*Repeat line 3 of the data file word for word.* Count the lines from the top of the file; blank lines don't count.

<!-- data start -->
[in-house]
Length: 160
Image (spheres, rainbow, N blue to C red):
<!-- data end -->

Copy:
Image (spheres, rainbow, N blue to C red):